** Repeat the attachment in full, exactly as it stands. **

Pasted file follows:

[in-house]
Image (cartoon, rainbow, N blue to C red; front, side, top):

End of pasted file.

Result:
[in-house]
Image (cartoon, rainbow, N blue to C red; front, side, top):